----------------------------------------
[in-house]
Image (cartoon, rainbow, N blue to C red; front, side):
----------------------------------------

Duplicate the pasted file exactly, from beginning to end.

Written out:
[in-house]
Image (cartoon, rainbow, N blue to C red; front, side):